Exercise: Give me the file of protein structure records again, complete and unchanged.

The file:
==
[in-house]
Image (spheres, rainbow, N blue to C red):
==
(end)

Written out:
[in-house]
Image (spheres, rainbow, N blue to C red):